wager

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Related to wagering: Wagering contract

lay a wager

1. To make a bet. A: "There's no doubt in my mind that my team will beat yours in the championship!" B: "Oh yeah? Care to lay a wager on that?"
2. To be completely sure of something. I'd lay a wager that Jeremy tries to skip out on paying me back for dinner.
See also: lay, wager

lay odds

1. To offer a bet with favorable odds to other bettors. Bookmakers are laying odds that the company's new smartphone outsells its competitors 2:1.
2. To assert complete certainty about something. I'll lay odds that Jeremy tries to skip out on paying me back for dinner.
See also: lay, odds

wager (someone) a pound to a penny

To be convinced that something is very probable or likely (to happen or be the case). Primarily heard in UK. I've been hearing about layoffs and pay cuts for a while now, but I wager you a pound to a penny that none of the executives see a drop in their salaries. I'd wager a pound to a penny this issue was caused by a computer virus someone accidentally downloaded.
See also: penny, pound, wager

wager on (someone or something)

1. To stake a certain amount of money on the outcome of some event or a participant thereof, with the ambition of winning money if successful. In this usage, a noun or pronoun is used between "wager" and "on." I wagered $20 on Tom winning the race. My gambling problem got so severe that I even wagered the keys to my car on a card game one time.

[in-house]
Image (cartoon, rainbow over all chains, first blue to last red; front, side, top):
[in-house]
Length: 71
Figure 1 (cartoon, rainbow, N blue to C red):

2. To lay bets on the outcome of some event or a participant thereof, with the ambition of winning money if successful. I learned long ago not to wager on sporting events—too many weird things can happen in the course of a game. I've always wagered on the 49ers, but I think I want to back the Eagles today.
3. To predict or anticipate that something will happen or prove to be the case. I learned long ago not to wager on sporting events—too many weird things can happen in the course of a game. I've always wagered on the 49ers, but I think I want to back the Eagles today.
See also: on, wager
Farlex Dictionary of Idioms. © 2015 Farlex, Inc, all rights reserved.

wager on someone or something

to bet on someone or something. I wouldn't want to wager on the outcome. I'll wager on Bill, the fastest runner in town.
See also: on, wager

wager something on someone or something